Nfld. & Labrador

N.L. records 1st new case of COVID-19 in 43 days

The case involves a man in his 50s, in the Eastern Health region, recently returned from the United States. It's the first case recorded in Newfoundland and Labrador in six weeks.

1st new case since May 28

This is a COVID-19 test in Toronto. (Evan Mitsui/CBC)

Newfoundland and Labrador has a new case of COVID-19, ending a streak of 42 consecutive days of no new cases, and halting the province's status of being free of coronavirus.

The new case is travel-related, the government said Friday. 

The new case involves a man, between the ages of 50 and 59, who had recently returned from the United States. A resident of the province, he lives in the Eastern Health region. 

"While [en] route to Newfoundland and Labrador, the individual was not symptomatic nor considered infectious. The individual self-isolated upon return to the province as per public health guidelines," a statement from the Department of Health and Community Services said.

The individual did not travel through the Atlantic provinces while on his return trip back to the province, according to the government. 

Contact tracing is underway, says the health department. 

Because the man wasn't symptomatic on his return to the province, "the risk to the public is low at this time," said the statement. 

1st case in 6 weeks

Friday's new case marks the first one since May 28. 

It puts the province's caseload at 262. In total, 258 people have recovered from the virus, and there have been three deaths. 

To date, 19,970 people have been tested. That's an extra 164 in the last 24 hours. 

There is no scheduled in-person briefing by government officials on Friday, as the numbers related to COVID-19 are distributed via email on all days except Wednesday. 

Relaxed rules for visitors in hospital, care homes

Some of the province's health authorities announced a further easing of restrictions related to visitors on Friday.

As of July 13, Eastern Health and Western Health will green-light six designated visitors or support people for all inpatients in hospital, as well as residents of long-term care, personal-care homes and assisted living facilities. A maximum of two people can visit per day, and these two visitors can attend at the same time, when it comes to the non-hospital facilities.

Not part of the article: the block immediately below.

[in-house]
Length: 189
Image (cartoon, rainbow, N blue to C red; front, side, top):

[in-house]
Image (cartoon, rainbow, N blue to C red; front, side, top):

Visiting hours will be left up to each facility to decide. All visitors must wear a mask, and will be screened for COVID-19, and will have to go directly to the designated visiting area. The guidelines for visitors for palliative care patients vary and people should check with the health-care provider.

Eastern Health and other health authorities are easing visitor restrictions. (CBC)

Obstetrics patients can have one support person who can stay for the entire time that the mother and baby are in the hospital. That person can visit as many times as they like throughout the day, according to the new guidelines. Four designated visitors are also allowed after delivery until the mother and baby leave the hospital.

Atlantic Bubble marks 1 week

Friday marked a week since the Atlantic bubble opened, allowing people to travel within Newfoundland and Labrador, Nova Scotia, New Brunswick and Prince Edward Island without self-isolating for 14 days. 

This week saw officials turn suggested guidelines into new rules when it comes to bars. 

Less than a week after crowds packed into some George Street clubs, the Newfoundland and Labrador Liquor Corporation said it will crack down on bars that don't enforce physical distancing and capacity rules.

An amendment made late Wednesday afternoon to the chief medical officer of health's special measures order requires all bars in the province to operate at half of their approved capacity, provided physical distancing can be maintained.

Dance floors may not be used for dancing, but tables and chairs can be set up on the dance floor if there is at least two metres between seated patrons.

The order says it is the responsibility of the bar to ensure compliance with the order.

Read more from CBC Newfoundland and Labrador

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